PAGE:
Mother and Son Find Mammoth Tusks 22 Years Apart in Same Place
No pressure, next generation of this family.
Some traits are passed on through genetics. The ability to find wooly mammoth tusks in White Mountain, Alaska is apparently one of them. Andrew Harrelson found a tusk there earlier this week, 22 years after his mother Luann Harrelson found one there too.
Andrew told Alaska Dispatch News that he has vague memories of when his mother and father brought home a tusk when he was three years old. Luann and her husband were fishing when Luann spotted a tusk in the river. She wasn’t sure what it was, but suspected it might be a fossil. Her husband Daniel went back later to retrieve it.
The story of how Andrew found his fossil was similar. He took his fiancée and two young daughters fishing at the same river bend where his mother found her tusk. After only catching one fish he decided to try to find a tusk, and sure enough he did.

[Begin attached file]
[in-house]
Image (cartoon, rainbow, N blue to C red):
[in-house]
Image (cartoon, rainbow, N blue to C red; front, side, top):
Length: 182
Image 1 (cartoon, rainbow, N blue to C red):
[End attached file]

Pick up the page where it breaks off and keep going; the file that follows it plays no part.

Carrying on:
Andrew plans to sell his tusk and use the money for a downpayment on a house. It should certainly help. He measured the tusk to be 12-feet long and weigh 162 lbs, and with tusks selling for upwards of $75/lb to collectors, he stands to make a good amount on the sale.
- Turns out humans killed off the wooly mammoth, not the ice age
- But some humans are working on bringing them back with cloning
- Thanks to some blood that was just recovered Jurassic Park-style